The demands of the 21st century require a new way of approaching education policy and practice; a “whole child” approach to learning, teaching, and community engagement. What if policymakers made decisions about education policy by first asking: what works best for children? Answering that question pushes us to redefine what a successful learner is and how we measure success. For a 70-year period, when America cared little about the...
posted on January 30, 2014 at 12:42 PM
February is Black History Month and we couldn’t think of a better way to celebrate than by enjoying the groundbreaking artistic and cultural contributions that came out of the Harlem Renaissance. Writers such as Counted Cullen and Langston Hughes, painters including Jacob Lawrence and Romare Bearden, and musicians and composers such as Duke Ellington and Bessie Smith, became widely known during this time as leaders of artistic innovation...
posted on January 29, 2014 at 3:33 PM
Are you as obsessed with the new seasons of Downton Abbey and Sherlock as we are? Then join PBS LearningMedia in unveiling aspects of London’s past which are now hidden underneath the city in Secrets of Underground London. From the ruins of a Roman amphitheater to human bones preserved under the foundation of the Museum of London, you will not believe your eyes! Uncover the past of one of the world’s most famous cities and share...
posted on January 22, 2014 at 12:00 AM
Teach students to understand how modernization may impact society, politics, the economy and the environment in places like China and India. In the year 2008 China hosted the Olympics, now China is a member of the WTO (World Trade Organization), these two factors set in motion a Communist country to transition to a market economy. Meanwhile, foreign investments by multinational companies to India's technology sector have had rippling...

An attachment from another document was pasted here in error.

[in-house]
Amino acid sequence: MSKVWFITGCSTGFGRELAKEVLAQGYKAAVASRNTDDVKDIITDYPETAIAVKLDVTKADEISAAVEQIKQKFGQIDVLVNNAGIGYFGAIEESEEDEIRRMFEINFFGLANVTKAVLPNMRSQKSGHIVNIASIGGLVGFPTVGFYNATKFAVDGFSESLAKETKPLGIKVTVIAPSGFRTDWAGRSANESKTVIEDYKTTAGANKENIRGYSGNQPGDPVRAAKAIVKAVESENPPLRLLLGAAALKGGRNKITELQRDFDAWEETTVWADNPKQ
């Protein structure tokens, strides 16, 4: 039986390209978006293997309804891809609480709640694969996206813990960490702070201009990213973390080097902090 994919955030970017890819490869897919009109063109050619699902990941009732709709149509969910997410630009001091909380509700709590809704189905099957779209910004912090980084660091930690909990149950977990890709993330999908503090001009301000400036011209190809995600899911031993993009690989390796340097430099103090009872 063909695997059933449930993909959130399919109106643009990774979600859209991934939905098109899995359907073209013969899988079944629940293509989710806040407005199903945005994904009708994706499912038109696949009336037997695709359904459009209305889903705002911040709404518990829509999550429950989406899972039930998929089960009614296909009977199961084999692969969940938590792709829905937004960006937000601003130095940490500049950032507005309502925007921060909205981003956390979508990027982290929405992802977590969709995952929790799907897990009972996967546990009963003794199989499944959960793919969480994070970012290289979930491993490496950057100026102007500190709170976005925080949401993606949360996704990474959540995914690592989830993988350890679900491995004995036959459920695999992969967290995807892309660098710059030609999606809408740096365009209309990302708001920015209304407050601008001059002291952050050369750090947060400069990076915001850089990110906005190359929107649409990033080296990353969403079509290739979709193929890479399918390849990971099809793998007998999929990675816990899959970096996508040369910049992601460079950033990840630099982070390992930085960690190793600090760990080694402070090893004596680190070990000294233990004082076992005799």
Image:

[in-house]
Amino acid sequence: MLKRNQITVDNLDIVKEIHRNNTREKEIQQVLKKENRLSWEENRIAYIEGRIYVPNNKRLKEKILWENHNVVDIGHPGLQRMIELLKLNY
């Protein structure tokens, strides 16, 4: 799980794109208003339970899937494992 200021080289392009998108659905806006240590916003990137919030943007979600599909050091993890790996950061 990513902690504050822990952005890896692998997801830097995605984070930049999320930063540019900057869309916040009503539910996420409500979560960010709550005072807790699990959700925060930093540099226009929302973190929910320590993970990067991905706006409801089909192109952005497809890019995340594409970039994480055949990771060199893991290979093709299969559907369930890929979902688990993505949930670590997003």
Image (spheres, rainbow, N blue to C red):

posted on December 10, 2013 at 9:38 AM
The New Year is just around the corner and with it comes new AMERICAN EXPERIENCE films premiering in January and February. Continuing its 25th anniversary season, new episodes kick off on January 7th with The Poisoner's Handbook—an in-depth look at how New York’s first medical examiner transformed forensic chemistry, followed by 1964 on January 14th—an exploration of a year that defined an era (Beatlemania, the passage of the...
posted on November 19, 2013 at 9:02 AM
“Four score and seven years ago…” Often referred to as the most important 272 words in American history, November 19, 2013 marks the 150th anniversary of President Lincoln’s landmark Gettysburg Address. PBS LearningMedia has a wealth of content available to help commemorate this event, including this clip from Lincoln@Gettysburg, which explores how in a troubled time...
posted on November 15, 2013 at 1:22 PM
Iowa Public Television and THIRTEEN announce the launch of “A Cheyenne Odyssey,” the third interactive game in the Mission US series of captivating, digital role-playing games created to engage middle grade students in the exploration of U.S. history. “A Cheyenne Odyssey” debuted on October 16, 2013, and supports the study of westward expansion in the middle grade American history curriculum. The game engages...
posted on November 14, 2013 at 12:25 PM
Map This! History of Geography
Discover what experts have found out about the history of geography from clay tablets during Babylonian times to mapmaking from horseback in the 1800's to digital maps produced by computers in the 60's! Jack Dangermond, the co-founder of a Geographic Information Systems notes that digital geography has enabled people to think about geography in abstract ways using databases and visualization. Click here to...